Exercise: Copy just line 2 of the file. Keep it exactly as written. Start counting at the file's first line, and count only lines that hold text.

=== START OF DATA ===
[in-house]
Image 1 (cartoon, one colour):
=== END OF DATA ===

Image 1 (cartoon, one colour):